Asia's Fate: A Response to the Singapore School

Asia's Fate: A Response to the Singapore School

Mini Teaser: The economic success of East and Southeast Asia challenges the verities of Western historical uniqueness.

by Author(s): Eric Jones

This last scenario should not be thought of as "Westernization." Rather it would be the release, in conditions of prosperity, of a
latent universal demand for democracy and individual freedoms. Surprisingly, given the stereotypes and lacunae in the text-books,
Asian history does reveal traces of local democracy and at least one major movement, the self-governing movement in early
twentieth-century China. Circumstances regularly suppressed these "sprouts of democracy" and they never managed to capture the high polities, yet they did occur. East Asians may turn out to be different from other peoples chiefly in their different opportunities.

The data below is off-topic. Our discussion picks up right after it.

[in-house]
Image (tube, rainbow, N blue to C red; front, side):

We are alluding to universal hearts' desires. In my opinion, Lee Kuan Yew's emphasis on a special and changeless China underrates the attractiveness of the values which the Chinese, like other peoples, have made occasional efforts to unearth from beneath the burden of contrary tradition. The Chinese may be expected to espouse these common values when circumstances favor them, at least as the age-groups most traumatized by earlier horrors fade away. The twenty-year olds in southern China are already consumerist; they did not share the hurt and do not retai

Essay Types: Essay